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Exploring and Understanding Immersive Travel

Exploring and Understanding Immersive Travel

When you hear the term "immersive travel," you might think you understand what that implies. Isn't all travel immersive in some way, after all?

Not necessarily!

There's a notable distinction between travel in its most basic form and what elevates it to an immersive experience your groups not only crave, but will want to experience over and over again.

Samantha Hardcastle, founder of the Storied Experience ( and Reverie (, understands this difference well, as she's spent the last 13 years working with a variety of experience designers, tour operators and activity hosts to help them differentiate and stand out in a competitive market. Her app, Reverie, is an immersive journey mapping tool aimed at making the whole process easier.

Hardcastle says the best way to explain the contrast between what's considered immersive and not is to think of something that's simply surface level.

"When something is surface level, there's a lack of depth and lack of novel, attention grabbing stimulation," Hardcastle said. "This leads to a lack of emotional resonance, resulting in travelers who are just moving through a destination on auto-pilot."

Great! But why does this differentiation matter so much today? Following the COVID-19 pandemic, searches for immersive travel have undoubtedly increased.

"I believe this [increase] is because people had become so disenchanted with the overly familiar and mundane aspects of their own life," Hardcastle said of traveler's views during the pandemic. "But also there's a flipside to this: People started exploring new hobbies during COVID and when lockdown restrictions were lifted, they finally had the ability to go out and explore those new interests on a deeper, more interactive level."

And while you may be tempted to further categorize immersive travel into specific types, Hardcastle warns against doing so.

"I find these categorical groupings of tourism do more harm than good because it keeps our focus too narrow, closed off to other ways to immerse travelers," she explained. "Travelers who are seeking immersion are typically curious, adventurous travelers—they don't like to be put into boxes. They shouldn't be forced to decide between culinary immersion or adventure immersion. Real life isn't experienced this way, so why should travel be?"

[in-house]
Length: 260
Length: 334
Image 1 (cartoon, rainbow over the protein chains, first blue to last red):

The most immersive experiences, Hardcastle said, are the ones that combine all aspects of culture into one journey.

"If we look at the 'cultural iceberg,' we want to ensure an experience is of course expressing a variety of surface culture—what people see, such as food and drink and the arts—but more importantly, we want to introduce travelers to deep culture, a less tangible form of culture such as beliefs, values, traditions, beauty ideals, etc.," she said. "A recent experience I did in Sicily started with a canyon hike, which took us through an old church, and ended with lunch in an old cheese cave hosted by a family. This had elements of adventure, spiritual and culinary immersion—all in the span of five hours!"

For those group travel professionals who want to incorporate more intentionally immersive experiences into their itineraries and offerings to groups, Hardcastle suggests conducting a moment-mapping exercise, allowing you to see where your peak immersive moments lie and where you begin to tow the surface-level line.

When mapping out your journey, Hardcastle notes to pay close attention to how each moment or activity:

Enables interaction with the local culture. "The more someone is invited to interact, the more they are paying attention, and therefore the more immersed they are."

Resonates (emotionally) with travelers. "Look beyond the typical emotions of joy and excitement to truly empathize with your travelers and understand the experience's impact."

Expresses the deep culture of a destination. "What is it that really makes this destination different? And how can you bring these differences to life in a way that impacts travelers in enriching ways?"

Written by Sarah Suydam, Managing Editor for Groups Today.

This article originally appeared in the Jan/Feb '24 issue of Groups Today.


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